In September the European educational researchers met in Hamburg to spend four days with papers on the latest research results and discussions about “education in an era of risk” (conference motto) and many more topics from the 33 EERA networks. Our symposium with the title “Higher education for Sustainable Development: Video-based Student Crowd Research” was part of the programme provided by network 22 Research in Higher Education in cooperation with network 3 Curriculum Innovation.
Since the symposium was directly related to our project, Dr. Vanessa Jänsch from the SCoRe team started with a short introduction to SCoRe. Afterwards, our first contribution about a critical view on video-based student crowd research was presented by Prof. Dr. Peter Tremp from the University of Education in Lucerne via video. Peter focused on research-based learning and identified some major challenges for the SCoRe team: How can the important role of the lecturer be fulfilled in a crowd environment? How is research made visible?
The second paper presented by André Kopischke and Alexa Brase from the SCoRe team shared some insights into a design phase within SCoRe’s Design-Based Research framework. The presenters asked how research-based learning can be combined with 360° video technology. They gave an impression on how this might work by showing the viewing path of a video recipient as well as video annotation within a 360° video. They also illustrated the potential of research-based learning with 360° video for motivation, new skills and epistemic practices.
In the third paper, SCoRe team member Norma Reichelt discussed the junction of education for sustainable development and crowd engagement. The outline of key characteristics of crowds as social entities led to an array of design challenges for the development of educational mass-environments, for example the notion of recruitment and motivation or social awareness, authorship and accountability. In the end the presentation gave an outlook on possible design principles for educational scenarios and educational software.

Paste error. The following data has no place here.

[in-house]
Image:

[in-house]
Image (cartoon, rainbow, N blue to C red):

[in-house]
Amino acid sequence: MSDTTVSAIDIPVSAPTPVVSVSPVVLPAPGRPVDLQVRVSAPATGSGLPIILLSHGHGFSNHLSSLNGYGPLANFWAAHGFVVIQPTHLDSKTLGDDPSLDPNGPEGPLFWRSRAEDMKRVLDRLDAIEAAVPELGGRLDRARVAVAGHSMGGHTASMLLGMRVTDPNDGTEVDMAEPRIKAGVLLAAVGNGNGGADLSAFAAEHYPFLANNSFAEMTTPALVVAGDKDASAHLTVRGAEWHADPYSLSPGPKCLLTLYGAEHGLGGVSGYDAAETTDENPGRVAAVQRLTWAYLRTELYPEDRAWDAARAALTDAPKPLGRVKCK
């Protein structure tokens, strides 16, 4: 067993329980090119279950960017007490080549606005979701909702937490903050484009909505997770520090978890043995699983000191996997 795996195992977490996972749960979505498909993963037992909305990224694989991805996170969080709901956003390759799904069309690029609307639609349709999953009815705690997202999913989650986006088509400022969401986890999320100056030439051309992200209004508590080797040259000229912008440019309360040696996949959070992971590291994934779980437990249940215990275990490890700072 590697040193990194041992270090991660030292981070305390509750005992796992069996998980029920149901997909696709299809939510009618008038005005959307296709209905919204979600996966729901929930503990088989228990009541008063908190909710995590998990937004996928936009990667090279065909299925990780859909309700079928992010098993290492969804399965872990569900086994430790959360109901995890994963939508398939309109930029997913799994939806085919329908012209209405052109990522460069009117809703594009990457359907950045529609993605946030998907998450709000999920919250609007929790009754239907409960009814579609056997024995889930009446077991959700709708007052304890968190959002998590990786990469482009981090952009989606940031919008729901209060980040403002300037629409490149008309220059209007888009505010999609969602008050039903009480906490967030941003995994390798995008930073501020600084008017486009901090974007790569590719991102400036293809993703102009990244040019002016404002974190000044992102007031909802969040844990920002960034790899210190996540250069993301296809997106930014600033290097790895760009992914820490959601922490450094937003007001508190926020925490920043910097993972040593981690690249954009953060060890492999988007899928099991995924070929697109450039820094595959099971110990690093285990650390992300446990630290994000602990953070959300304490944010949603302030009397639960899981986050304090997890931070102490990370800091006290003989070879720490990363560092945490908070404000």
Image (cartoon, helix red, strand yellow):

Prof. Dr. Jan Van den Akker, emeritus at the University of Twente, curriculum researcher, consultant and an expert on Design Research, completed the programme by focusing on our methodological framework. Jan gave an introduction to Design Research (or Design-Based Research, as we call it) and gave us some advice for a successful project: He pointed to the risk of over-complexity and recommended to divide the project into different stages, test it in a small context at the beginning and don’t spread it too early. Qualitative methods are supposed to give us rich information about how to improve, so we feel more secure about the next step. And finally, he suggested that we ask the people (our students) directly how to improve.
Our discussant Prof. Dr. Mandy Schiefner-Rohs from the Technical University of Kaiserslautern tied the topics together and gave us some good questions to think about before she opened the discussion for the audience. We talked about the differences between problem-based, inquiry-based and research-based learning and the use of video data for evaluations. Mandy also asked us to expand on our idea of design as research. Many thanks to our speakers, our discussant and the brave audience who managed to get to our symposium on Friday morning.
We hope there will be an opportunity to discuss our ideas in more detail soon. As the Call for Proposals for ECER 2020 in Glasgow was published recently there are good prospects for further discussion.